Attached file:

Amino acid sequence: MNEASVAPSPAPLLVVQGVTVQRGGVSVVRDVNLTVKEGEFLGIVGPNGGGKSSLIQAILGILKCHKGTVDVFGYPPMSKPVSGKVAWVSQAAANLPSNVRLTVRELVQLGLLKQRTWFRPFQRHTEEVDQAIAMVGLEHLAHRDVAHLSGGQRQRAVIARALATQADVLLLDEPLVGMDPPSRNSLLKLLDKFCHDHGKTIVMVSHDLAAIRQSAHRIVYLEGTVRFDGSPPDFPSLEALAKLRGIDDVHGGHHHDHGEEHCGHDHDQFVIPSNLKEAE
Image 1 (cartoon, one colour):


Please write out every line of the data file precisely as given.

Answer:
Amino acid sequence: MNEASVAPSPAPLLVVQGVTVQRGGVSVVRDVNLTVKEGEFLGIVGPNGGGKSSLIQAILGILKCHKGTVDVFGYPPMSKPVSGKVAWVSQAAANLPSNVRLTVRELVQLGLLKQRTWFRPFQRHTEEVDQAIAMVGLEHLAHRDVAHLSGGQRQRAVIARALATQADVLLLDEPLVGMDPPSRNSLLKLLDKFCHDHGKTIVMVSHDLAAIRQSAHRIVYLEGTVRFDGSPPDFPSLEALAKLRGIDDVHGGHHHDHGEEHCGHDHDQFVIPSNLKEAE
Image 1 (cartoon, one colour):